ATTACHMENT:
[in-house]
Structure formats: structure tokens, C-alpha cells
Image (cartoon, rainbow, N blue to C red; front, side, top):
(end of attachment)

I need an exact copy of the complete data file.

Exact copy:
[in-house]
Structure formats: structure tokens, C-alpha cells
Image (cartoon, rainbow, N blue to C red; front, side, top):